TS: First car for me. I have a classic Mustang at home that I spend many hours working on, but I’ve never built one from the ground up.

Where did you turn for instructions or design inspiration?
ML: Like any set piece, it’s all about research, research, research. I used actual Model T plans as a starting point and drafted over those in AutoCAD. For construction, I relied heavily, even more than usual, on Tim. He helped me determine what should be made of steel, and how, and he welded at his shop. He always contributes a lot to how things will be built, but for the Model T, I had some basic drawings and he then helped me flesh it all out.



How accurate is this replica of an authentic 1920s Model T, aside from not having an engine?

ML: Because the Model T needs to have actors in it, the scaled size is basically 1 to 1. Only the front end is a few inches shorter. So the size is virtually the same. The wheels and steering wheel are originals from the 1910s – 20s. Hubcaps, radiator cap and Ford radiator are accurate reproductions. Some things like upholstery, tires, the trunk and windshield are good approximations. So though much of what is seen is wood and not metal, I’d say it will look about 80-90% accurate. Enough that it fits in our budget and will help the audience suspend their disbelief.

What aspects of this build have you found the most challenging?
ML: The challenge was deciding which features were the most important to replicate as close as possible and which features the audience wouldn’t notice as too different. Curves are
difficult on any set piece, so we took some liberties by combining some different era cars to eliminate curves and contours.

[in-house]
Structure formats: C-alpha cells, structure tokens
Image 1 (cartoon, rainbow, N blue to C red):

TS: Each step is very time consuming, there are never enough hours in the day.

How many hours do you estimate you spent building the Model T replica?
ML: It’s hard to tell exactly but between design, building, painting and installation probably about 250-300 man hours between 3 people, but mostly Tim.
TS: Probably about 150 to 200 hours for me.

Were there any specific parts that were particularly difficult to find or create?
ML: With the internet, a person could literally buy just about every single original or reproduced part and build an actual car. You can also buy actual cars. Our decisions were about what was worth the investment and finding a good price. We ended up purchasing actual wood spiked wheels from the 1920’s on eBay. Plus several brass detailed reproduction parts that have the Ford logo. Most everything else was fabricated by us.
TS: The wheels are original Model T but the tires are new motorcycle tires. We had to manufacture metal rings that bolt to the wheels to keep the tires on.

Is there anything else you’d like to say?
ML: There will also be a somewhat realistic forest set with trees, rocks, etc. This is a unique show in that we had to budget materials and labor for the set and the Model T as if they were two separate sets. Fortunately, the smaller cast size allowed for that.
TS: I think this Model T should receive its own Theatre Puget Sound Gregory Award! Hopefully, we’ll be able to hang on to it long enough get it in the Greenwood Car Show next summer!


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By Regina Taylor
Adapted from the book by Michael Cunningham and Craig Marberry

Directed by Faith Bennett Russell

Gospel music and storytelling come together to surprise, delight and remind us all of the unique and diverse ways we express ourselves. When ayoung woman from Brooklyn struggles to find her place in the world, she is surrounded by a community of women that trascend place and time to infuse her with stories of faith, fortitude and pride.